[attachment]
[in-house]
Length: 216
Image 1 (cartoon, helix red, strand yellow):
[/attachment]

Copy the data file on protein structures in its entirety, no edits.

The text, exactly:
[in-house]
Length: 216
Image 1 (cartoon, helix red, strand yellow):